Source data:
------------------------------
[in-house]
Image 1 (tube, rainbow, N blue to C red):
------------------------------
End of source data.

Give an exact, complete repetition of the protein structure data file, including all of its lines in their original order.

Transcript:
[in-house]
Image 1 (tube, rainbow, N blue to C red):